Where will mortgage rates be by the end of 2022?

Today, the 30-year fixed mortgage rate is hovering near historic lows. However, most experts believe rates will rise as the economy continues to recover. Here are the forecasts for the fourth quarter of 2022 by the three major entities mentioned above:

  • Freddie Mac: 3.8%
  • Fannie Mae:  3.2%
  • Mortgage Bankers Association: 4.2%

That averages out to 3.7% if you include all three forecasts, and it’s nearly a full percentage point higher than today’s rates. Any increase in mortgage rates will increase your cost.

What does it mean for you if both home values and mortgage rates rise?

You’ll pay more in mortgage payments each month if both variables increase. Let’s assume you purchase a $350,000 home this year with a 30-year fixed-rate loan at 2.86% after making a 10% down payment. According to the mortgage calculator from SmartAsset, your monthly mortgage payment (including principal and interest payments, and estimated home insurance, taxes in your area, and other fees) would be approximately $1,899.

That same home could cost $371,945 by the

Read more

Advantages of Living in a Small House

While the jury is still out on whether or not Tiny Houses -- micro-houses of 500 sq feet or less --  are here to stay or just a passing fad, Smaller Homes may be just the thing for those looking to live in high-demand areas.  Bigger than a Tiny House,  small homes range from 1000 - 2000 square feet.  Cottages, bungalows, and shotgun houses are all typical of the smaller homes that have been prevalent through generations of homeownership in the US.  In many areas including Bozeman and the Gallatin Valley, there is a wealth of them.  To get into 'hot' neighborhoods without getting into the really high prices, small homes represent a real option for some to live in a central location. What a small home lacks in space, it makes up for in easy access to amenities and walkable neighborhoods.  And with ready access to VRBOs and other short-term vacation rentals, a homeowner can get away without having that spare bedroom.  (You can always put up visiting friends and family at a nearby Airbnb.  And why not share meals at nearby restaurants? You know you hate cooking for a crowd!)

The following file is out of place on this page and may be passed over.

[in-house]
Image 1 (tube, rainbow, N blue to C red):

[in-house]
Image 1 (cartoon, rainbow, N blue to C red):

According to a recent post in the finance section of Business Insider, it's not unusual for the value of small homes to rise faster than that of larger homes. In one region of Florida, small homes showed a dramatic growth rate of 19.5% each year (2013-2016), while the area's largest homes appreciated by only 5.1% during the same time period.  http://www.businessinsider.com/are-smaller-homes-valuable-2017-2 . The greater price appreciation of smaller homes is the result of people choosing a cheaper entry point into areas of higher demand, higher prices, and higher taxation.

     In addition to the greater rate of appreciation, the costs for maintaining a smaller house are significantly lower.  According to a recent article on Trulia.com,  the electric bill for a 1000-square-foot home is approximately $200 less per month than the electric bill for a 3000-sq-ft home on average.  Even routine repairs and maintenance are less expensive for a smaller house:  replacing a (smaller)

Read more